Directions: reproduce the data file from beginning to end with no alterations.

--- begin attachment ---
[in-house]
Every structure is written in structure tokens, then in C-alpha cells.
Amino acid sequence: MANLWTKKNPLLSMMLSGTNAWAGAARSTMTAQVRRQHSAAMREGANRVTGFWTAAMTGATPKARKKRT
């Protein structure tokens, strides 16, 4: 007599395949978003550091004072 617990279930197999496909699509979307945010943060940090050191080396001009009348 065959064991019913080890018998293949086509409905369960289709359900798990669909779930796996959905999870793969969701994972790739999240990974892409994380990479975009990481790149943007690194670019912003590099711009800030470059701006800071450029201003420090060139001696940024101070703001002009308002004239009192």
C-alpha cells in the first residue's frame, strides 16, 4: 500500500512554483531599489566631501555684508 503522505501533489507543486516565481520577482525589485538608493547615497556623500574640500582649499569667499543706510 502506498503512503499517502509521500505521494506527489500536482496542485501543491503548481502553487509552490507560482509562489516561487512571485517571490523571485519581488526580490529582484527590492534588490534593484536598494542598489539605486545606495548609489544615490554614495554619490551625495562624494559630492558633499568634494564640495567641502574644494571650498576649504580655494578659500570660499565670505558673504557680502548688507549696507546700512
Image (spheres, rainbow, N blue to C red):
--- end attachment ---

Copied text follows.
[in-house]
Every structure is written in structure tokens, then in C-alpha cells.
Amino acid sequence: MANLWTKKNPLLSMMLSGTNAWAGAARSTMTAQVRRQHSAAMREGANRVTGFWTAAMTGATPKARKKRT
């Protein structure tokens, strides 16, 4: 007599395949978003550091004072 617990279930197999496909699509979307945010943060940090050191080396001009009348 065959064991019913080890018998293949086509409905369960289709359900798990669909779930796996959905999870793969969701994972790739999240990974892409994380990479975009990481790149943007690194670019912003590099711009800030470059701006800071450029201003420090060139001696940024101070703001002009308002004239009192």
C-alpha cells in the first residue's frame, strides 16, 4: 500500500512554483531599489566631501555684508 503522505501533489507543486516565481520577482525589485538608493547615497556623500574640500582649499569667499543706510 502506498503512503499517502509521500505521494506527489500536482496542485501543491503548481502553487509552490507560482509562489516561487512571485517571490523571485519581488526580490529582484527590492534588490534593484536598494542598489539605486545606495548609489544615490554614495554619490551625495562624494559630492558633499568634494564640495567641502574644494571650498576649504580655494578659500570660499565670505558673504557680502548688507549696507546700512
Image (spheres, rainbow, N blue to C red):